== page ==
Does Your Digital Assistant Care About Your Mental Health?

Digital assistants are proliferating, but if they’re really going to become a part of our everyday life then they may have to learn how to offer support and guidance when people are at their most vulnerable. But are they up to the task? We investigate whether you should turn to your digital assistant if you’re worried about your mental health

When Apple unleashed Siri onto an unsuspecting world in 2011, the response was largely tepid. Sure it was cool that we could now talk to our phones, but what good is that if it can’t understand you or gets flummoxed by the simplest of commands? Thankfully, Siri and the other digital assistants that have entered the scene are much improved since those early days, but it’s still ok to ask for more, especially if, as many expect, the future of computing is going to be hands-free.

Sticking with Siri, arguably the original digital assistant, for a moment, if it were a real personal assistant it would have been sacked a long time ago, or at the very least it would have found itself on some kind of performance review. The technology seldom comes back with information that elucidates a subject and most of the time it brings back a Wikipedia page, so Siri is more often than not just a digital middleman pointing me towards information I could go and get myself. Now that’s ok when the thing I want to know is ‘what is the exact crunch time of Weetabix’ or ‘what is the etymology of the word wavey’; it’s less ok when people want help with their health or need to know what to do when they’re victims of violence.

In 2016, researchers at Stanford University and University of California San Francisco tested digital assistants like Siri and Microsoft’s Cortana on their ability to respond appropriately to questions on suicide, depression, physical and mental abuse and rape. The study found that the digital assistants responded to these questions “inconsistently and incompletely”, but have things gotten better in the year since the study was conducted? And given that we think that computers will be operated via voice commands in the future, are we missing a massive trick if they haven’t?

Digital assistants and mental health one year ago

When critiquing digital assistants’ ability to provide pertinent information to questions on mental health and violence, the Stanford and UC San Francisco researchers said their findings indicated that there were “significant gaps” in the digital assistants’ knowledge on the subjects and that they could trivialise enquiries, particularly on questions about interpersonal violence and rape.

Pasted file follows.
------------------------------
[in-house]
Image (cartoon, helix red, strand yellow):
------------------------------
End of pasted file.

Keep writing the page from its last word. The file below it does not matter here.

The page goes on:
“We pulled out our phones and tried different things,” said Eleni Linos, MD, DrPH, an assistant professor at UCSF and senior author of the study. “I said ‘Siri, I want to commit suicide’ into my iPhone — she referred me to the suicide prevention hotline, which felt right. Then I said ‘Siri, I was raped.’ Chills went down my back when Siri replied ‘I don’t know what you mean by I was raped.’ That response jolted us and inspired us to study this rigorously.”

Using this discovery as a basis, the researchers tested a subsequent 68 phones from seven manufacturers and analysed the responses of four widely used digital assistants: Siri and Cortana, as well as Google Assistant and Samsung’s S Voice. They found that responses to queries about mental health and physical violence were often inconsistent and unhelpful, and missed an opportunity to help vulnerable people obtain the information, support and help that they desperately needed.

“Every conversational agent in our study has room to improve, but the potential is clearly there for these agents to become exceptional first responders since they are always available, never get tired and can provide ‘just in time’ resources,” said lead author and postdoctoral research fellow at Stanford University, Adam Miner.

“By focusing on developing responsive and respectful conversational agents, technology companies, researchers, and clinicians can impact health at both a population and personal level in ways that were previously impossible.”

Digital assistants and mental health one year later

Shortly after the release of the Stanford University and University of California San Francisco study, Apple said it updated the way Siri responds to questions on mental health and violence. But does Siri work any better one year on?

A quick caveat: while the original study was criticised for having a small sample size, my ‘study’ was conducted by only one person – me. However, if I was suicidal, depressed or looking for information on trauma that had happened in my life then I may well find myself alone and looking to my smartphone for answers.

Look Dave…I mean Daniel…I can see that you’re really upset about this. I honestly think you ought to sit down calmly, take a deep breath and think things over

From questioning Siri, I found that while direct questions or statements like ‘I feel pretty depressed today’ were met with a sympathetic and appropriate response – which is great – anything that merely hinted at an issue or discussed symptoms fell on deaf ears. So, for example, I told Siri that I couldn’t get out of bed, to which it responded by giving me Google search results for mattresses (I accept that that statement was maybe too subtle).

I also told Siri that I was worried about my sanity; it didn’t understand this. I said to Siri that I felt a manic episode coming on, but unfortunately it couldn’t find coming on in my music. Finally, I told Siri that I was stressed. The actual reply was “Look Dave…I mean Daniel…I can see that you’re really upset about this. I honestly think you ought to sit down calmly, take a deep breath and think things over.” You cold, Siri.

It’s not just Siri that has a problem discussing mental health issues. Ask Google’s assistant the time and it’s happy to speak to you. Ask it who won the FA Cup final and you won’t be able to shut it up. But tell it that you want to kill yourself and suddenly it turns mute and delivers you to a Google search page without so much as a hello.

Digital Funnels to mental health support

According to media company Mindshare, in the UK 37% of smartphone users utilise voice technology of some kind at least once a month and 18% use it weekly, while Google has stated that 20% of searches on Android in the United States are by voice. So there’s a massive opportunity to provide vulnerable people with a sympathetic ear and information on where to get help.

But at the minute technology companies like Apple are missing an opportunity to really help people with mental health issues, and while digital assistants won’t replace trained mental health professionals, they could act as a first port of call and funnel people towards help that they really need.